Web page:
The Jewish merchant in question, Barabas, is introduced as a man owning more wealth than all of Malta. When Turkish ships arrive to demand tribute, however, Barabas's wealth is seized and he is left penniless. Incensed, he begins a campaign to engineer the downfall of the Maltese governor who robbed him. With the aid of his daughter, Abigail, he recovers some of his former assets and buys a Turkish slave, Ithamore, who appears to hate Christians as much as Barabas does. Barabas then, in revenge for the robbery, uses his daughter's beauty to embitter the governor's son (Lodowick) and his friend (Mathias) against each other, leading to a duel in which they both die. When Abigail learns of Barabas's role in the plot, she consigns herself to a nunnery, only to be poisoned (along with all of the nuns) by Barabas and Ithamore for becoming a Christian. The two go on to kill a couple of friars who threaten to divulge their previous crimes. Ithamore himself, however, is lured into disclosing his secrets and blackmailing Barabas by a beautiful prostitute and her criminal friend. Barabas poisons all of them in revenge, but not before the governor is apprised of his deeds. Barabas escapes execution by feigning death, and then helps an advancing Turkish army to sack Malta, for which he is awarded governorship of the city.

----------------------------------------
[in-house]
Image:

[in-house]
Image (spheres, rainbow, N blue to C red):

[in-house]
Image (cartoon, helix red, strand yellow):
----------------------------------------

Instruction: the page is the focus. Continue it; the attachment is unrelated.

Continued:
He then turns on the Turks, allowing the Knights of Malta to kill the Turkish army. The Maltese, however, turn on Barabas and kill him as they regain control of Malta.

Significance[edit]